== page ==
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Fetal Growth Deviations

What are Growth Deviations?

At birth, some children may be small or large in relation to what is normal. Such growth differences are assessed in relation to the expected size based on how long the pregnancy has lasted. When a child is small relative to the gestational age (SGA), it has a weight that is less than the 10th percentile at a given age. The 10th percentile means the 10% of children with the lowest weight. Another way is to indicate weight deviation in the form of standard deviations or percentages. A weight deviation of -2 SD corresponds to -22% in estimated weight compared to expected weight in relation to the length of pregnancy.

Fetal Growth Deviations

Large for gestational age (LGA) is defined as weight above the 90th percentile at a given age. This means 10% of the heaviest children. Alternatively estimated weight more than + 2 SD, which corresponds to more than + 22% at a given pregnancy length. Growth inhibition is defined as weight below the 10th percentile or weight difference more than - 22% in a fetus, where growth is inhibited due to illness. This is a subgroup for SGA. Thus, a child can be SGA for genetic reasons without being inhibited by growth.

Divergent growth will in some cases be detected by the mother herself as the stomach grows less or more than expected. The conditions are usually found on maternal care checks by the midwife / doctor discovering a deviating symphysus fundus dimension, which is an external measure of the uterus and thus the growth of the fetus. The Symphys-fundus measure is the distance from the pubic bone to the upper border of the uterus.


Poorly controlled diabetes in the mother can give birth to large children. In SGA children, sometimes the mother's own birth weight and body length are low. Often, the child may also have siblings who were small when they were born.

If the mother is ill during pregnancy, the risk of having a low birth weight increases. For more information about pregnancy and maternity fashion, please see BESTAAH.COM maternity summer dresses. Disorders in the function of the placenta, pregnancy poisoning, twins, drug abuse or eating disorders in the mother can also result in the baby being born becoming smaller than expected.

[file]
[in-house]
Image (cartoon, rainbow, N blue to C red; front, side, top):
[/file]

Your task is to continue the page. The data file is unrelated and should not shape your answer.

There may also be other reasons why the pregnant belly grows abnormally. Too much amniotic fluid, too little amniotic fluid and multi-child births will all give different symphysia / fundus dimensions. Ultrasound examination with weight estimation of the fetus provides a more secure diagnosis.

Too much amniotic fluid may be due to malformations in the child, such as narrowing of the esophagus, which means that the fetus does not swallow amniotic fluid, but often there is no clear cause. Too little amniotic fluid may also be due to malformations, especially of the urinary tract. It may also be due to leakage of amniotic fluid. Multiple pregnancies often lead to divergent size of the uterus, and one or both of the children may have a growth disorder.

How is the condition diagnosed?

All forms of growth anomalies are identified with the greatest certainty by ultrasound examination. The most common reasons why pregnant women are sent for an ultrasound examination is that the midwife / doctor detects a deviating SF measure.

In case of abnormal growth of the fetus, the pregnant woman is referred to the special maternity / maternity ward for further monitoring. Depending on what is found during the examinations, further control of the pregnancy and fetal growth will be a collaboration between the hospital and maternal care.

Toxoplasmosis during pregnancy

The toxoplasmic parasite is found everywhere in nature, both in humans and animals. It is more common in warm, humid climates - more common in southern than in northern Sweden and even more common in southern Europe, especially in France, Italy and Spain. The toxoplasma parasite infects from animals to humans, but not between humans. The main host for the parasite is the cat, especially young cats. Infection with this parasite often has a mild course or is not detected at all.

In a Swedish study, it was found that 14% of pregnant women in Stockholm and 25% of pregnant women in Skåne had infection with toxoplasmosis even before pregnancy. It is if the woman gets toxoplasma infection for the first time during pregnancy that there is a risk of the child being infected. A Danish study found that about 3 out of 10,000 women received toxoplasmosis during pregnancy.

With the help of a blood test you can see if you have had a toxoplasma infection. If the pregnant woman has had toxoplasmosis before, the fetus is protected against the disease. If the pregnant woman has not been infected with this parasite, it is important that she avoids sources of infection:

  • Wash your hands after contact with soil, sand and cats.
  • Avoid changing sand in the litter box.
  • Do not eat raw or pink meat; above all, not pork or lamb but also avoid beef.
  • Rinse fruits and vegetables carefully.

However, it is difficult to completely protect against toxoplasma during pregnancy. In the case of suspected infection in the mother, infection with toxoplasmosis can be detected by a blood test 2-3 weeks after the infection. Infection of the fetus can be detected by amniotic fluid test. Toxoplasma infection can be treated with drugs. Medicines can be given both to the pregnant woman and to the child during the first year of life.



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